A home run shy of 400, Andres Galarraga decided it was time to step aside and free up a spot for a younger player.
The 43-year-old first baseman retired Tuesday after a subpar spring training with the New York Mets.
A five-time All-Star and two-time Gold Glove winner in a 19-year career, Galarraga was hitting just .235 in 17 games for the Mets this spring, with three home runs and seven RBIs. The Big Cat probably would have been left off New York's 25-man roster when the team broke camp.
"This is a sad day for me, but I honestly felt it was the right time to step away," Galarraga said in a statement. "I just wasn't playing up to the expectations that I have set for myself throughout my entire career, and I wanted to walk away on my own terms.
"Playing has been a part of my life for so long, but I just felt this was the right time to give a younger guy a chance to play."
Galarraga made his big-league debut with the Montreal Expos in 1985 and has played for St. Louis, Colorado, Texas, Atlanta, San Francisco and the Angels. He finished his career with a .288 batting average, 2,333 hits and 1,425 RBIs in 2,257 games.
"Great, great career. Great man. Great person," Mets manager Willie Randolph said in Viera, Fla., before New York's game against the Washington Nationals.
Referring to whether Galarraga would have made the 25-man roster, Randolph said: "It was going to be a tough decision. You always want to go out on your own terms, so I was happy for him. He's one of the classiest guys in the game."
Galarraga missed the 1999 season after he was diagnosed with non-Hodgkin's lymphoma, then hit .302 with 28 home runs and 100 RBIs with Atlanta in 2000. The disease reoccurred in November 2003. He underwent surgery that November and had a stem cell transplant the following February.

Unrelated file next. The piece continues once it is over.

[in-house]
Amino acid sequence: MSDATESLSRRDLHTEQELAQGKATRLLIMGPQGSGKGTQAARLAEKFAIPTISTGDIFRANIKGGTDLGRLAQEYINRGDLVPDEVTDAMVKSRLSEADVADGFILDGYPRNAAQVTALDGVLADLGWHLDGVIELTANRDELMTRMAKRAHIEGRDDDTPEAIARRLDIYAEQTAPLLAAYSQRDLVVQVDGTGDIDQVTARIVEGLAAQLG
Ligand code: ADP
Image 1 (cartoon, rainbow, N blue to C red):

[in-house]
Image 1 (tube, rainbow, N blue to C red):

He hit his 399th home run with the Angels in September and signed with the Mets this offseason, hoping to hit the milestone homer before calling it quits.
"Today shows you what kind of a class individual Andres is," Mets general manager Omar Minaya said. "He's always handled things with class and dignity throughout his entire career, and this afternoon is another example of his high character.
In spring-training games:
Blue Jays 11, Pirates 5
At Bradenton, Fla., Gabe Gross hit his eighth homer of spring, a three-run shot. The 15th overall pick in the June 2001 draft is hitting .382 with 18 RBIs in 20 games. Carlos Delgado (2001) is the only other player in club history with eight homers in a single spring.
Padres 13, Rangers 12
At Peoria, Ariz., Xavier Nady hit a three-run home run with two outs in the 10th inning. Nady also doubled twice and drove in five runs, and likely has earned a start in center field on opening day because Dave Roberts has been slowed by a strained groin.
Red Sox 7, Yankees 2
At Tampa, Fla., the Yankees acquired minor-league catcher Wil Nieves from the Los Angeles Angels for right-hander Bret Prinz. Boston reacquired left-handed reliever Mike Myers from St. Louis. The Cardinals received two minor leaguers, outfielder Carlos de la Cruz and left-handed pitcher Kevin Ool.
Cubs 13, Brewers 6
At Phoenix, Derrek Lee hit a three-run homer and drove in five runs for the Cubs. Jeromy Burnitz went 3-for-3, and Jerry Hairston was 4-for-5 as the Cubs collected 18 hits.
Astros 7, Indians 6
At Kissimmee, Fla., Cliff Bartosh squandered a two-run lead, allowing three hits, then was traded to the Chicago Cubs for minor-league right-hander Ronald Bay. Brandon Duckworth allowed eight hits and four runs with four strikeouts in six innings.
Giants 9, Diamondbacks 5
At Scottsdale, Ariz., Jerome Williams hit a two-run triple, and struck out six in five innings for the Giants.
Rockies 4, White Sox 3
At Tucson, Ariz., Making his first start in 10 days, Mark Buehrle gave up three runs in five pain-free innings.
Cardinals 10, Marlins 5
At Jupiter, Fla., Albert Pujols went 3-for-3 with four RBIs and raised his average to .434. Pujols has six home runs and 19 RBIs, and has not struck out this spring. Mark Mulder allowed two earned run on eight hits over six innings for the Cardinals. Dontrelle Willis allowed six earned runs over 41/3 innings for Florida.
Orioles 4, Dodgers 3
At Vero Beach, Fla., Baltimore's Chris Gomez went 4-for-4, and Daniel Cabrera held Los Angeles to two runs on two hits in five innings. Dodgers starter Scott Erickson went five innings and gave up eight hits, but allowed only one unearned run while striking out three.
Athletics 10, Mariners 5
At Phoenix, Joe Blanton worked six innings and allowed eight hits and four runs for Oakland. Nick Swisher hit a three-run homer.